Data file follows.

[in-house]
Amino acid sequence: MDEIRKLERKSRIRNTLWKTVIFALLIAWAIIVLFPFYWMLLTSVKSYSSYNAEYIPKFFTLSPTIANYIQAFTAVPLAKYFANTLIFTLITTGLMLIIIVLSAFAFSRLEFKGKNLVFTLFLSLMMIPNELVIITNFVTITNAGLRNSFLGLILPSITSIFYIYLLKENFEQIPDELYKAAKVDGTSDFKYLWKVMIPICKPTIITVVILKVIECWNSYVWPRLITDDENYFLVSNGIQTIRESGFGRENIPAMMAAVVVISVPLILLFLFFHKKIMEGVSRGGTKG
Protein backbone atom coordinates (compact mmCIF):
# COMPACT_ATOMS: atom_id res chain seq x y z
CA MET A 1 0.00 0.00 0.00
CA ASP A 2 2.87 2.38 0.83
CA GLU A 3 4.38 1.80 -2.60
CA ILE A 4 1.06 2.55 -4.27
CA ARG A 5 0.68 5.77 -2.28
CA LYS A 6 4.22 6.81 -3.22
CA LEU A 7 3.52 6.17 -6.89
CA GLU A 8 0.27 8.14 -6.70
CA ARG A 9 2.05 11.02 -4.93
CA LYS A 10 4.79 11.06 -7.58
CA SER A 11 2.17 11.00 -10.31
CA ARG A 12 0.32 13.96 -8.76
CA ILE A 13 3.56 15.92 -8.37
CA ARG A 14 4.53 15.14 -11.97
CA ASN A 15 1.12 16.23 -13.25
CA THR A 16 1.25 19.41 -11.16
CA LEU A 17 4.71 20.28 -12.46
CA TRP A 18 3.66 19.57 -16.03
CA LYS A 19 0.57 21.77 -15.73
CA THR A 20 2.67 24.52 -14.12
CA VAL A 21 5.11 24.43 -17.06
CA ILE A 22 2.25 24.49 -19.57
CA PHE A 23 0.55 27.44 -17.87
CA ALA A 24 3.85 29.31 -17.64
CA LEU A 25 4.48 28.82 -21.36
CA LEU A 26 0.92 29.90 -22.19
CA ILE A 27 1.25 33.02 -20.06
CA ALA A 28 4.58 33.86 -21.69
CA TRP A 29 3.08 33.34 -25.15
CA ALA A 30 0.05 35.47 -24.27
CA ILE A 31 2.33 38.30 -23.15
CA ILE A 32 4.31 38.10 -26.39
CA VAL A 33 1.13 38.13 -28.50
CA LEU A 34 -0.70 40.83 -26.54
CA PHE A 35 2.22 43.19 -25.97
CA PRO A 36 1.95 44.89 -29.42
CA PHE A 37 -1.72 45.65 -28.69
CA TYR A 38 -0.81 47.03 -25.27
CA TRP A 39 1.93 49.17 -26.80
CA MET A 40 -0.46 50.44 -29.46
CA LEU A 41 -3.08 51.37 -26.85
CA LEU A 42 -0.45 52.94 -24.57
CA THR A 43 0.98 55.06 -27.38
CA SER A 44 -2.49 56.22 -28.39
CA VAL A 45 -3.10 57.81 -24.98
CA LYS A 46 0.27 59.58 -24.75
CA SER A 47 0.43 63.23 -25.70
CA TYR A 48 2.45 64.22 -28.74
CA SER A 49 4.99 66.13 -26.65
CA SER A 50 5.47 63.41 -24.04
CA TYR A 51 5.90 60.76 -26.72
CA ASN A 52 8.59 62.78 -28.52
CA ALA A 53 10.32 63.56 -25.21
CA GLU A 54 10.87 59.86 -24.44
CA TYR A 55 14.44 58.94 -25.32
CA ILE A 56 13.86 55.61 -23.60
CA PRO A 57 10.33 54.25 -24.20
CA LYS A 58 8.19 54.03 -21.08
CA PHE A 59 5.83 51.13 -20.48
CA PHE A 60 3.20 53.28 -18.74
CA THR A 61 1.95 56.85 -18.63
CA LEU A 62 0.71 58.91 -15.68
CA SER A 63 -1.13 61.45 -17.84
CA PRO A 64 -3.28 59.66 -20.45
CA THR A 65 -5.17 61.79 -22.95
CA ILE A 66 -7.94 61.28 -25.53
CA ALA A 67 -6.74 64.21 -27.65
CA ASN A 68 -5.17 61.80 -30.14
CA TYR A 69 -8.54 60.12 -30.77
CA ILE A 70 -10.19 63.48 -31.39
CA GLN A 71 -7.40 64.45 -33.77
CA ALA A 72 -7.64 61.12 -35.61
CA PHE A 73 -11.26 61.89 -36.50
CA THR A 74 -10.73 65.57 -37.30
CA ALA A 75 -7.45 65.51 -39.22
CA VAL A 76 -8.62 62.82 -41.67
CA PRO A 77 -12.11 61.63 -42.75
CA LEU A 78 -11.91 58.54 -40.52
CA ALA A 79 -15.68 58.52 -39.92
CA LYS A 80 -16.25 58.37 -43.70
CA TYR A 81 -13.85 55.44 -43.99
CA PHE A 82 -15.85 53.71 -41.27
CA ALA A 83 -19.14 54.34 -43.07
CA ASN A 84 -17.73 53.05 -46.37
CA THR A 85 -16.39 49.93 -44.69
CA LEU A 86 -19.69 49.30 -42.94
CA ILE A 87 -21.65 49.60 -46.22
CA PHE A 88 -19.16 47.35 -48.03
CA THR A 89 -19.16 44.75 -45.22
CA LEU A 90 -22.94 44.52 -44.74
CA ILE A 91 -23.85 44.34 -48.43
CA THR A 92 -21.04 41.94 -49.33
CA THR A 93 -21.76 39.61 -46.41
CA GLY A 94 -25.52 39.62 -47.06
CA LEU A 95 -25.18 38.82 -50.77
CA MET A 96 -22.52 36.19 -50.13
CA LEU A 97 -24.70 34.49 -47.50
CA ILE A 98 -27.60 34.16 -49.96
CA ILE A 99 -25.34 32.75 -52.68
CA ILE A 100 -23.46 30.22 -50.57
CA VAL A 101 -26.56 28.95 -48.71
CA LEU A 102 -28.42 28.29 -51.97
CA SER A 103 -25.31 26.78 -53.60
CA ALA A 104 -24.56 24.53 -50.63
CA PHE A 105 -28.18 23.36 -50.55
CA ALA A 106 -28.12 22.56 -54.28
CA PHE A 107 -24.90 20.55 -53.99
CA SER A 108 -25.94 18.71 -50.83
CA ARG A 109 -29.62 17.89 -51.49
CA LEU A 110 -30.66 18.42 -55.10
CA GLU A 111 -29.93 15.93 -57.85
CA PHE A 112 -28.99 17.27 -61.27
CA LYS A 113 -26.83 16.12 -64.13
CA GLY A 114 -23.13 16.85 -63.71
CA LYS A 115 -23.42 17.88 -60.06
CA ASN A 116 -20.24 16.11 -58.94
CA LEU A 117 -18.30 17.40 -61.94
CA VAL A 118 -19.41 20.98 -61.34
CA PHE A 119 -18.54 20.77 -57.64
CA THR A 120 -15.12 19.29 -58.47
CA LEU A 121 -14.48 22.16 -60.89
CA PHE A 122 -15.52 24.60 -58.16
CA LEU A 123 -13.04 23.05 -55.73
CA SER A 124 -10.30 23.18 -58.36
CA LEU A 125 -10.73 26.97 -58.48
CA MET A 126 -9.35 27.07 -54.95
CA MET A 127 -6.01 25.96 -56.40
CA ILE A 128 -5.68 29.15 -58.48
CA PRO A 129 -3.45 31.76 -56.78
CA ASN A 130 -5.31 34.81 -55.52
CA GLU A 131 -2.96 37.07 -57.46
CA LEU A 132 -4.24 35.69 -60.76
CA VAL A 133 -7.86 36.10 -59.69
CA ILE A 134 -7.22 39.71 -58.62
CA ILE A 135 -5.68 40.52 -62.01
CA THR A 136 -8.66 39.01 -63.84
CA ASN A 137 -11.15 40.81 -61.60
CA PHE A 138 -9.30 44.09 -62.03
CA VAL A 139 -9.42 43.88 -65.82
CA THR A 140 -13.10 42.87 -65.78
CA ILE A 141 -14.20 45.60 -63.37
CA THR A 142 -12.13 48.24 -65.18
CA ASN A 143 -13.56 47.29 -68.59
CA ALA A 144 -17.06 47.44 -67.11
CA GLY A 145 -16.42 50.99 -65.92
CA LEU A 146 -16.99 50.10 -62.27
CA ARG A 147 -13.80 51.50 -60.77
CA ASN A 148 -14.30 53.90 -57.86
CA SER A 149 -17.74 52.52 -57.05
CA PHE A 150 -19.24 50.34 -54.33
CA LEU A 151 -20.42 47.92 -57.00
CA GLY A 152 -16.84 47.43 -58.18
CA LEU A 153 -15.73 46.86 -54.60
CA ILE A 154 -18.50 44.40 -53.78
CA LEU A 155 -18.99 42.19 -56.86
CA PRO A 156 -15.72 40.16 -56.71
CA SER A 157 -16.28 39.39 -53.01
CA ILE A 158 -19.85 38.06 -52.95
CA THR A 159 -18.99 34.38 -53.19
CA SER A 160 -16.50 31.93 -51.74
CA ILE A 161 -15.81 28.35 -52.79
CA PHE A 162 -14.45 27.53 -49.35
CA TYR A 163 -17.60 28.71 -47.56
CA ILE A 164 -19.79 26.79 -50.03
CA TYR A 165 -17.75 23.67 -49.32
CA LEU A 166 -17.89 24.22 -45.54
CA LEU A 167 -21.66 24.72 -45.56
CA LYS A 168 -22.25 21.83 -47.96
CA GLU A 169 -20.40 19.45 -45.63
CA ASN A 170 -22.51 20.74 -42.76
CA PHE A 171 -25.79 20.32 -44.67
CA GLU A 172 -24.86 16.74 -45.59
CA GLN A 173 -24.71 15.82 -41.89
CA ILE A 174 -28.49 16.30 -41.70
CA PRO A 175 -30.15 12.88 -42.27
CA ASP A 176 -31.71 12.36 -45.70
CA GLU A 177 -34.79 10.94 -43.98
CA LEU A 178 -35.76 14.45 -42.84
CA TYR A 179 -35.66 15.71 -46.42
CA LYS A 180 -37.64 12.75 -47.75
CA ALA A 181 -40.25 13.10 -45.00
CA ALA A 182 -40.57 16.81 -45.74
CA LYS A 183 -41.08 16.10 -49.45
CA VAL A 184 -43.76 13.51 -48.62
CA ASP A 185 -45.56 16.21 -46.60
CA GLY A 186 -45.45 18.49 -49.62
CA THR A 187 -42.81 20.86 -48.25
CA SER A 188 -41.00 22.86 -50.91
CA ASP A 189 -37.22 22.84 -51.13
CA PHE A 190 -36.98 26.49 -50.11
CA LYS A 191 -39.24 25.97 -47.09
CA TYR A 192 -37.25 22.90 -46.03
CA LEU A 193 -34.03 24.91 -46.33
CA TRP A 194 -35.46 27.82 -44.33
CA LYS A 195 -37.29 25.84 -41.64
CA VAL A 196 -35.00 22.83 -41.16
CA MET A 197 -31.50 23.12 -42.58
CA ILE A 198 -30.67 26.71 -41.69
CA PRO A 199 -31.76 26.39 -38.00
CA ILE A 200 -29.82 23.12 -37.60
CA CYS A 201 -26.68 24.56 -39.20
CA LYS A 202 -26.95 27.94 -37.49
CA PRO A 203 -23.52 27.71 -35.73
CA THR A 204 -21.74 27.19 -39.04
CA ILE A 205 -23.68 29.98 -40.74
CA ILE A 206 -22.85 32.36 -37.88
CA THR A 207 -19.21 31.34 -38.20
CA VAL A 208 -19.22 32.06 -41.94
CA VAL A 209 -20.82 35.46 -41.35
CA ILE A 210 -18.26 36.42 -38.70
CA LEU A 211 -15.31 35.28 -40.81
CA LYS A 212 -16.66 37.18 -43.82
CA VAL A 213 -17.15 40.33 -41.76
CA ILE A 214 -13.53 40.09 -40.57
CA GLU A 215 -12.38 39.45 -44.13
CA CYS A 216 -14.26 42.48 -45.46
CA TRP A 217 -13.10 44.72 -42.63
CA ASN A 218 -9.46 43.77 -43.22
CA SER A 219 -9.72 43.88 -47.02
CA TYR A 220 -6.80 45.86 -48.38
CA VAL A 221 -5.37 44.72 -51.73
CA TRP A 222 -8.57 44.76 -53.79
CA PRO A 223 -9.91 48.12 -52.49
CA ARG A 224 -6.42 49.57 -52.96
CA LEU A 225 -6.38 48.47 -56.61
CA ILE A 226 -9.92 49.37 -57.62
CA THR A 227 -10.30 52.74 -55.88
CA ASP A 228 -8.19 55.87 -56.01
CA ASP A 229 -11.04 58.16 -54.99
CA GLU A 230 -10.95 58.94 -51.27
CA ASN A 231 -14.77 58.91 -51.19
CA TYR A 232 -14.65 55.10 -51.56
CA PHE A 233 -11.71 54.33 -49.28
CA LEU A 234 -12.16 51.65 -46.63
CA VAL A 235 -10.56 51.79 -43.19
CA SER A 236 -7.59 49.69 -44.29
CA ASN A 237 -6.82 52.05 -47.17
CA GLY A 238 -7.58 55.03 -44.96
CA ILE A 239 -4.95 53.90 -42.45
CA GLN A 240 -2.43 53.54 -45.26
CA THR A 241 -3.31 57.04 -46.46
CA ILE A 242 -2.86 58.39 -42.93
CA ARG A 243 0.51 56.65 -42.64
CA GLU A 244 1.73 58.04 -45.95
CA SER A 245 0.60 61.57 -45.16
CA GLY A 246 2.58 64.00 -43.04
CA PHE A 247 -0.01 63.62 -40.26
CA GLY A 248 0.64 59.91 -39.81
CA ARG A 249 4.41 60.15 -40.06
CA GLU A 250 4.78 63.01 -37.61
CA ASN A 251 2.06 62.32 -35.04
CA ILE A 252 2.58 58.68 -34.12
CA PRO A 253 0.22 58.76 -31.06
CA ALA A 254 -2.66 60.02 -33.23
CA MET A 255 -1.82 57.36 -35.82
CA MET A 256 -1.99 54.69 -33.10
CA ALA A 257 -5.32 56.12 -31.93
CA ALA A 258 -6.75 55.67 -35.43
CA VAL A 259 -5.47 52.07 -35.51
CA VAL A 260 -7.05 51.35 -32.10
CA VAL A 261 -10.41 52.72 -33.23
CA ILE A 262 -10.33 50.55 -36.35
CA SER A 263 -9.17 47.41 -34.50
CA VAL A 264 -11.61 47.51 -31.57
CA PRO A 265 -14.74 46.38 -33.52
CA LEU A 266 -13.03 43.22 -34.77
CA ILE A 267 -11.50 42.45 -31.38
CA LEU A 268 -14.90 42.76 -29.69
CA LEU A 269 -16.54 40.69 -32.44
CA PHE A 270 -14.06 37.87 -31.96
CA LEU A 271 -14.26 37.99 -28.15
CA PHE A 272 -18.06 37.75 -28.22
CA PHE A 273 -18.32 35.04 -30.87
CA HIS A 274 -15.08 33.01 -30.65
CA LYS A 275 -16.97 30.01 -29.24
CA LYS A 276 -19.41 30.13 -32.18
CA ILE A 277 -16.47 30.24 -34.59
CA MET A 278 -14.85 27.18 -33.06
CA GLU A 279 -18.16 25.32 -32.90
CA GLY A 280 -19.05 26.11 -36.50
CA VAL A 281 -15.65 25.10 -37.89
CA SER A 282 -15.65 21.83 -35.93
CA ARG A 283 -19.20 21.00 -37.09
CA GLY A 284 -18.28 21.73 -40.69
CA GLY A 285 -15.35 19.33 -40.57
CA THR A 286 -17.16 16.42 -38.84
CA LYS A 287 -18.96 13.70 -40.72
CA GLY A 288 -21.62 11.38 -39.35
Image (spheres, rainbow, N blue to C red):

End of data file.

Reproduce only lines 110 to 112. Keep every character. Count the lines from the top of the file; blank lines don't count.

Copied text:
CA ALA A 106 -28.12 22.56 -54.28
CA PHE A 107 -24.90 20.55 -53.99
CA SER A 108 -25.94 18.71 -50.83